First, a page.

As a Work and Business Psychologist (officially known as an Industrial and Organizational Psychologist), I have seen countless pensive looks on people’s faces as they say some version of:
“But you’re a psychologist – doesn’t that mean you need to see people for a long time in order to see success with a client? And doesn’t that mean that you’re expensive?”
Since my PhD is in Psychology, many people assume that they’ll need to work with me for months at a time before they can see real results. In addition, they assume that career-related services will be beyond their budget. Thankfully, that’s not usually true. Sometimes, impactful and sophisticated instruction and support can be accomplished within hours or days of working with a client. Unlike Clinical Psychology, most of my client’s issues are not considered a deep-rooted problem that could potentially require many months (or longer) to work through.
Usually, I’m dealing with a professional or recent graduate who just needs some guidance to get further ahead on their career goals or to navigate their way out of a difficult work-related situation. I’ll admit that sometimes these things are easier said than done – otherwise, the person would solve the problem themselves. Over the years, I’ve become a highly-skilled Career Psychologist with unique expertise so it is entirely possible to achieve meaningful results in a timely fashion.
5 Situations Where Career Psychology Pays off – Very Quickly
1. Identifying Ways to Overcome Underemployment – I have worked with countless clients who have acquired a post-secondary education and earned some work experience but still aren’t earning what they expected. Or they’ve got the education and experience but they are not working in a satisfying role. In these situations, I help my clients find alternative roles where they can learn more valuable/marketable skills, apply what they already know, and earn more money. This helps them solve the problem of underemployment or being overqualified.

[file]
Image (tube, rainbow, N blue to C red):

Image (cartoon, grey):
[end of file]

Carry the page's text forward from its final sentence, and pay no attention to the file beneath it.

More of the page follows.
In some cases, we’ll start with some psychometric testing so that we get an objective look at some skills and interests that may be worth highlighting. In addition, we may reframe or repackage the client’s skills and experience so that a future employer can clearly see how the client’s unique qualifications and experience are a good fit for their needs even if they look different than what they were looking for.
2. Getting Screened in and Invited to a Job Interview – Unfortunately, I’ve seen many qualified people screened out of jobs that they’ve got the right education, skills, and experience for – all because their application wasn’t put together well. Something as simple as a one-hour consultation where I review the details in the job posting, your resume and cover letter can make the difference between getting an opportunity for an interview, or getting lost in a virtual pile. For years, I have supported the HR function, so I understand how most HR professionals do their screening. I can help you send out the right message via your resume and cover letter. Whether it’s a government job, a private-sector job or a position in the non-profit sector, even freelance work … your application sets you up for success or for disappointment.